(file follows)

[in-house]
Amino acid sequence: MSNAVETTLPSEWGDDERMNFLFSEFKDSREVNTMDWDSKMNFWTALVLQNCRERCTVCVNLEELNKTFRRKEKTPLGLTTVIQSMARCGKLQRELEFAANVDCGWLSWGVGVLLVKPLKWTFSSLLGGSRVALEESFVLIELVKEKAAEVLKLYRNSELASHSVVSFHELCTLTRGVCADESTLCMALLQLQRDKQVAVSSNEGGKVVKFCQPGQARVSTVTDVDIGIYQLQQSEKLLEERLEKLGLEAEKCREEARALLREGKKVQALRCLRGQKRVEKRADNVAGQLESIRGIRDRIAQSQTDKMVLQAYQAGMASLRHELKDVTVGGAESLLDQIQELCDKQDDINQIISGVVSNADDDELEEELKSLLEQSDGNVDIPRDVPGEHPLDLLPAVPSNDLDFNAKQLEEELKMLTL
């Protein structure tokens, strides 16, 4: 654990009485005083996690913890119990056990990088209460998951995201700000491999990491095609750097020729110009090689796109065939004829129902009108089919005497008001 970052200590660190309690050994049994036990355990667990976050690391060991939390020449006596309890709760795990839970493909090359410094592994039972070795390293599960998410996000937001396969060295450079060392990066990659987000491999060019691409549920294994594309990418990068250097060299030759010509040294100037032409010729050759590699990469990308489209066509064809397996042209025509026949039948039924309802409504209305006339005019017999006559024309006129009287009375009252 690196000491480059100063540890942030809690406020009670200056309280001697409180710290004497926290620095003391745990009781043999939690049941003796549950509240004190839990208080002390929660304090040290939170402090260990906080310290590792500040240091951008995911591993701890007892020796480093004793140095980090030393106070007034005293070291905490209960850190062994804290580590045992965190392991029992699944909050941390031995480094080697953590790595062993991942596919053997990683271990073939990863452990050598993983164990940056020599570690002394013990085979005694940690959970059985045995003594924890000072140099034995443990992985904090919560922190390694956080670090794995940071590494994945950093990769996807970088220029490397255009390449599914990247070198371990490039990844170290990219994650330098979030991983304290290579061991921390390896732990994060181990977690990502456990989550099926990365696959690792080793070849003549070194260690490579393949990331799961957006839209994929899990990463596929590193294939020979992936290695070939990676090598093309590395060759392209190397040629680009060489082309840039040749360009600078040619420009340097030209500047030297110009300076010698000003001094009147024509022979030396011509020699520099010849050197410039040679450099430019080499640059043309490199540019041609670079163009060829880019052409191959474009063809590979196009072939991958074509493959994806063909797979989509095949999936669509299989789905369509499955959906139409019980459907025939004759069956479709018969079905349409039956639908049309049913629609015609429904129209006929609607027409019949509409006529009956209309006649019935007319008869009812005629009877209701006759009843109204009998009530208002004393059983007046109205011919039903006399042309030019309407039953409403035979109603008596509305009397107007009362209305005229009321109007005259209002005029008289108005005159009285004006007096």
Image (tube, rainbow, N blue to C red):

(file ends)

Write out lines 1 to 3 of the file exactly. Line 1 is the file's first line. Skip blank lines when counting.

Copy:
[in-house]
Amino acid sequence: MSNAVETTLPSEWGDDERMNFLFSEFKDSREVNTMDWDSKMNFWTALVLQNCRERCTVCVNLEELNKTFRRKEKTPLGLTTVIQSMARCGKLQRELEFAANVDCGWLSWGVGVLLVKPLKWTFSSLLGGSRVALEESFVLIELVKEKAAEVLKLYRNSELASHSVVSFHELCTLTRGVCADESTLCMALLQLQRDKQVAVSSNEGGKVVKFCQPGQARVSTVTDVDIGIYQLQQSEKLLEERLEKLGLEAEKCREEARALLREGKKVQALRCLRGQKRVEKRADNVAGQLESIRGIRDRIAQSQTDKMVLQAYQAGMASLRHELKDVTVGGAESLLDQIQELCDKQDDINQIISGVVSNADDDELEEELKSLLEQSDGNVDIPRDVPGEHPLDLLPAVPSNDLDFNAKQLEEELKMLTL
């Protein structure tokens, strides 16, 4: 654990009485005083996690913890119990056990990088209460998951995201700000491999990491095609750097020729110009090689796109065939004829129902009108089919005497008001 970052200590660190309690050994049994036990355990667990976050690391060991939390020449006596309890709760795990839970493909090359410094592994039972070795390293599960998410996000937001396969060295450079060392990066990659987000491999060019691409549920294994594309990418990068250097060299030759010509040294100037032409010729050759590699990469990308489209066509064809397996042209025509026949039948039924309802409504209305006339005019017999006559024309006129009287009375009252 690196000491480059100063540890942030809690406020009670200056309280001697409180710290004497926290620095003391745990009781043999939690049941003796549950509240004190839990208080002390929660304090040290939170402090260990906080310290590792500040240091951008995911591993701890007892020796480093004793140095980090030393106070007034005293070291905490209960850190062994804290580590045992965190392991029992699944909050941390031995480094080697953590790595062993991942596919053997990683271990073939990863452990050598993983164990940056020599570690002394013990085979005694940690959970059985045995003594924890000072140099034995443990992985904090919560922190390694956080670090794995940071590494994945950093990769996807970088220029490397255009390449599914990247070198371990490039990844170290990219994650330098979030991983304290290579061991921390390896732990994060181990977690990502456990989550099926990365696959690792080793070849003549070194260690490579393949990331799961957006839209994929899990990463596929590193294939020979992936290695070939990676090598093309590395060759392209190397040629680009060489082309840039040749360009600078040619420009340097030209500047030297110009300076010698000003001094009147024509022979030396011509020699520099010849050197410039040679450099430019080499640059043309490199540019041609670079163009060829880019052409191959474009063809590979196009072939991958074509493959994806063909797979989509095949999936669509299989789905369509499955959906139409019980459907025939004759069956479709018969079905349409039956639908049309049913629609015609429904129209006929609607027409019949509409006529009956209309006649019935007319008869009812005629009877209701006759009843109204009998009530208002004393059983007046109205011919039903006399042309030019309407039953409403035979109603008596509305009397107007009362209305005229009321109007005259209002005029008289108005005159009285004006007096």